All the devices at CES, as I mentioned, have keypads and screens and things like that, if you look around. Now why is there no standard for those little screens and keypads? I'd like to have the ability to buy a little touch screen. It'd probably cost about $50 and I might plug it into my computer or Ethernet and here I've just decided I want to use it as an alarm clock. Let's say I plug it into my wall and since it has Bluetooth, and it's talking to my computer and shows what time I need to wake up based on the meetings I have. Maybe it can also show you your music and let you control your stereo. But whatever the software people figure out what to do, that display should do it. It doesn't need to necessarily have a speaker built in, because maybe my computer wakes me up instead of the alarm clock. I'm amazed that we don't have devices like this – and the reason we don't is because we lack standards to do it.
Another example [slide of a pile of adapters and cords]: these are the power adapters just lying around our office. I'm sure most of you have things like this under your desk too. It's a real hazard. You could electrocute yourself – if one in a million adapters catches fire and you have a thousand adapters, it starts to be an issue. And it's also a big hassle for the manufacturers because every one of those devices now has this thing that's in the box that's specific to a country. And so they have to repackage the boxes and maintain stock for different countries. It's just silly, and also really inefficient, because guess what? They are sort of subsidized by the devices you buy, so people try to provide the cheapest ones possible. So they all suck power.
Why not instead standardize the power and have a basic [adapter device] so you can say, "I want 12 volts, 2 amps, give it to me." Then you can buy a really nice power supply that's really efficient, really small, is appropriate to the country you're in, and the consumer can pay for it instead of the device manufacturer so they'll have higher margins. Then we don't have that mess of cords. either. So I think we really, really do need standards in these areas.
So basically, most devices should be connected through adapters – and you can adapt anything to USB for like $20. (If you want to do video it's a little bit more expensive.) We have adapters for everything else already. Do you really need all these ports running around? I don't think it's necessary.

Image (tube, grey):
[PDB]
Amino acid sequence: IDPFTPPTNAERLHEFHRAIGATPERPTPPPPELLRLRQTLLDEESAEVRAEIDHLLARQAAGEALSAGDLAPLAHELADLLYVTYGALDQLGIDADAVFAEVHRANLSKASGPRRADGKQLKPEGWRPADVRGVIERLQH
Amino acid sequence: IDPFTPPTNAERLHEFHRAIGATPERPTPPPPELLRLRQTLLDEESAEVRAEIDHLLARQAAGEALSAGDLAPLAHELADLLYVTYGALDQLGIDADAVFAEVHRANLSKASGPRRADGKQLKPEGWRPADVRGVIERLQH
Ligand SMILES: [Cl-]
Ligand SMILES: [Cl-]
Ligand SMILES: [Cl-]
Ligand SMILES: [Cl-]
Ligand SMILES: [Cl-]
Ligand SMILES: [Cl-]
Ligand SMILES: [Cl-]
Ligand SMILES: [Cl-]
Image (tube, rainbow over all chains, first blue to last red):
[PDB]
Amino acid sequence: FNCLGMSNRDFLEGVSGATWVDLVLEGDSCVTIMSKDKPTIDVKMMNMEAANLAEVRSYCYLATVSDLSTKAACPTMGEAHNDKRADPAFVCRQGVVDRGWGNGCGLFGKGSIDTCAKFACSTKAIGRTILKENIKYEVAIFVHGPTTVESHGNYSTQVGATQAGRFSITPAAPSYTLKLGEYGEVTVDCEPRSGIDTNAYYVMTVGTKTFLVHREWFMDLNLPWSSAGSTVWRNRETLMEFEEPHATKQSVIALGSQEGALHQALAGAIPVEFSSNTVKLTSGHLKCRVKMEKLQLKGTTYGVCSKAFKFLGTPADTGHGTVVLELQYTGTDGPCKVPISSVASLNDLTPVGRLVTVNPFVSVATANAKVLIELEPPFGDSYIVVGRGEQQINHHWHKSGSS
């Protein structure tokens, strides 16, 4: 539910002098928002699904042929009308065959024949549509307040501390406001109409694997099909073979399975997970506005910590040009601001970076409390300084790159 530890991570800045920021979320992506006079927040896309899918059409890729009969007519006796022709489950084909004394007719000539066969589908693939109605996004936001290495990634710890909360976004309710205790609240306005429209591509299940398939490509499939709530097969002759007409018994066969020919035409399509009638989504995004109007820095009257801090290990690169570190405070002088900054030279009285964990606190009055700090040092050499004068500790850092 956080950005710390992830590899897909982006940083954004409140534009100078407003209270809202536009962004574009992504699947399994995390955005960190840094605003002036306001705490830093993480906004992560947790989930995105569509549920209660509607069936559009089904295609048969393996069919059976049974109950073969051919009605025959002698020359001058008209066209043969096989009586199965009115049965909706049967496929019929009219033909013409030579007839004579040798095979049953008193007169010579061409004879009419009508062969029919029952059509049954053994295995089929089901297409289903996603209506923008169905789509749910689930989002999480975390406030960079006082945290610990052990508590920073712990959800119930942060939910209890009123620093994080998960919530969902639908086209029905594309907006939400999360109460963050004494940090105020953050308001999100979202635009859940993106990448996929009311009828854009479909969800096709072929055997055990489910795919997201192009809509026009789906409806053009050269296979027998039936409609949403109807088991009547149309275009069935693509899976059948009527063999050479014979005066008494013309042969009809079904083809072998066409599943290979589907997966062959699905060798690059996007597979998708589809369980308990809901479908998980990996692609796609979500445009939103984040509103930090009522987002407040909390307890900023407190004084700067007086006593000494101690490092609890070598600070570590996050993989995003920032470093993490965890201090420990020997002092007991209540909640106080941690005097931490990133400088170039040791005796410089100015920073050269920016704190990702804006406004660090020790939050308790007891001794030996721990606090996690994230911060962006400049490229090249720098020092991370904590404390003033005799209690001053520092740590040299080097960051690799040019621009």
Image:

Let me show you a positive example: phones. You can plug any Bluetooth headset into any Bluetooth phone and it will work great. Here [shows slide] are some examples we found lying around the office. Charging is still an issue for these things, so you still need standard power.
So in summary, we really want to get all this stuff to work together. This is just of a personal passion of mine. What we really need are adapters like I mentioned. And also it's very important that we have standards for security, discovery, peering, and forwarding to the Internet. And we don't really have those things yet. We also need the standards, and there are some already that can be adapted for protocols. Now finally, as I mentioned, you can take USB and really do most of the things you need to do with it.
I'm going to just plead with all of you, let's get the power supply problems fixed, or let's get all these devices talking together. I think we'll get just amazing innovation, things we just totally can't predict happening, and also all of you as consumers will be a lot happier. Your devices will really just work, you'll be able to plug anything together that makes sense: if you need storage, or you need a bigger display on something, you just plug it in a display, or whatever you want to do. This is a really important thing to get done. We'd love to have help in doing this, or I'd love ideas from people. I thought I'd throw this out as something interesting to get people thinking about.
We've done a small part about this in our own town, in Mountain View [California]. We've provided Wi-Fi over Mountain View for free, and part of that is to get all these devices really talking to teach other and get a basic standard of communication in place. Most of the world does not have good access to the Internet and that's an interesting problem. How do you make that happen?
Now, in the context of standards: you can email anyone, but you can't really instant-message everyone. Guess which was developed at universities? Email was – and instant messaging has no real standard, so didn't catch on as much inside universities. Now companies have done [instant messaging], but if you run on one system, you can't talk to people on another one for reasons that don't really make sense to me. So we released Google Talk, which is an interoperable system – the idea is that anyone can talk to anyone else. We've had a whole bunch of different people develop interoperable systems for it, as you can see on the next slide [of Google Talk federation partners] .We're really, really excited about the possibilities there. Also as expansion of our partnership with AOL, we announced that our users and AOL AIM users can interoperate, which we're also really excited about, though it's kind of a separate thing.
Now the openness of Google Talk has led to a lot of interesting things. We've had people just by themselves go out and develop cool applications for it. One was that [RIM] just announced Google Talk for a BlackBerry client you can download. And also we have a voice client that Nokia developed for the Nokia 770, which is a very cool Linux-based sort of Wi-Fi Internet tablet. I kind of cool to see these things happening.